Atlantean Research Society
Alexander E. Strath-Gordon (1873-1952) was born in Scotland and graduated with the highest honours from the Edinburgh medical School. After a career as a medical officer in the British army he became head of the British passport control service in New York until retirement in 1934. For some time he was head of British intelligence in the United States or in plain language, a spy.
Christopher Volpe, a landscape artist, is the great-grandson of Strath-Gordon and in a recent blog on his website he described his ancestor as “Mystic, Linguist, Lecturer, Doctor, Spy”(a). In 1904 Strath-Gordon began a medical practice in Seattle, Washington and remained there until 1914. He then served as a medical officer in the British army in France until the end of the war.
Volpe records that in 1906 Strath-Gordon founded the Atlantean Research Society, in East Orange, New Jersey. This date conflicts with the foundation date of 1928 proposed by Frank Joseph. A book published by Strath-Gordon in 1934 confirms the 1906 date on its cover(b) and records him as the founder and life president of the Atlantean Research Society. The same cover shows that in 1907 he addressed the Atlantean Research Society in Seattle. I suggest that this contradiction can be explained if we accept that the Society was originally founded by Strath-Gordon in Seattle in 1906 and that in 1928 he established the “eastern division” of New Jersey.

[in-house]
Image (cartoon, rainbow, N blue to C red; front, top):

A further interesting fact is that Strath-Gordon met Edgar Cayce on a number of occasions in the 1920’s(d) prompting speculation that he may have ‘influenced’ some of Cayce’s Atlantis readings, an idea that must appeal to any rationalist.
Strath-Gordon had James Churchward as an associate in the Society, again with the probability that there was a cross-pollination of ideas between them!>Egerton Sykes noted that James Churchward was vice-president of the N.J. branch(e) .<
A rather bizarre reference to Strath-Gordon is to be found in The New Yorker magazine of March 28th 1936 in which he is reported(c) to have predicted the end of the Depression on September 16th that year, based on a study of measurements in a gallery within the Great Pyramid at Giza!
(b) See Archive 3921
>(e)Atlantis, Volume 11, No.6, Sept/Nov 1958 <